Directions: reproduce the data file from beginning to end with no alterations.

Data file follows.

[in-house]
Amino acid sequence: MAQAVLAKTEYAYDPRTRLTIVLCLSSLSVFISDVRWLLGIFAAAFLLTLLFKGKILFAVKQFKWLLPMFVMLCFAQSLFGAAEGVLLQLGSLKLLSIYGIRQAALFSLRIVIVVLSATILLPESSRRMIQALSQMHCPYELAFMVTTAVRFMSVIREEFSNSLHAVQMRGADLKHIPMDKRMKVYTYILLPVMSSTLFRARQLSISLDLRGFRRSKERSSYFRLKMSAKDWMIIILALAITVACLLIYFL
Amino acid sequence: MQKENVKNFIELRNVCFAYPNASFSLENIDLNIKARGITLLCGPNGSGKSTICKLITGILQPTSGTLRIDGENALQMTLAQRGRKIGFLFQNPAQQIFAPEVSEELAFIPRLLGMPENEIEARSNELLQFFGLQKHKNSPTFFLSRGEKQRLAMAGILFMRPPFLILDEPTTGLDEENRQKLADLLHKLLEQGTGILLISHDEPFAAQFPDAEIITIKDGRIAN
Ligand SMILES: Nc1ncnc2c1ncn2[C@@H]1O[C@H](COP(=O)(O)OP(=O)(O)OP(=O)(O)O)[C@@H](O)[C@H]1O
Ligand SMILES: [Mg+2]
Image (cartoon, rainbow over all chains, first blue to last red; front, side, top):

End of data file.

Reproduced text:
[in-house]
Amino acid sequence: MAQAVLAKTEYAYDPRTRLTIVLCLSSLSVFISDVRWLLGIFAAAFLLTLLFKGKILFAVKQFKWLLPMFVMLCFAQSLFGAAEGVLLQLGSLKLLSIYGIRQAALFSLRIVIVVLSATILLPESSRRMIQALSQMHCPYELAFMVTTAVRFMSVIREEFSNSLHAVQMRGADLKHIPMDKRMKVYTYILLPVMSSTLFRARQLSISLDLRGFRRSKERSSYFRLKMSAKDWMIIILALAITVACLLIYFL
Amino acid sequence: MQKENVKNFIELRNVCFAYPNASFSLENIDLNIKARGITLLCGPNGSGKSTICKLITGILQPTSGTLRIDGENALQMTLAQRGRKIGFLFQNPAQQIFAPEVSEELAFIPRLLGMPENEIEARSNELLQFFGLQKHKNSPTFFLSRGEKQRLAMAGILFMRPPFLILDEPTTGLDEENRQKLADLLHKLLEQGTGILLISHDEPFAAQFPDAEIITIKDGRIAN
Ligand SMILES: Nc1ncnc2c1ncn2[C@@H]1O[C@H](COP(=O)(O)OP(=O)(O)OP(=O)(O)O)[C@@H](O)[C@H]1O
Ligand SMILES: [Mg+2]
Image (cartoon, rainbow over all chains, first blue to last red; front, side, top):